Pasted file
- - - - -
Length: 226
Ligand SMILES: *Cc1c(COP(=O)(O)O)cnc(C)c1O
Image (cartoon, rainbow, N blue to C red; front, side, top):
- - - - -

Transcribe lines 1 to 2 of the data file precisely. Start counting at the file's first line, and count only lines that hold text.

Length: 226
Ligand SMILES: *Cc1c(COP(=O)(O)O)cnc(C)c1O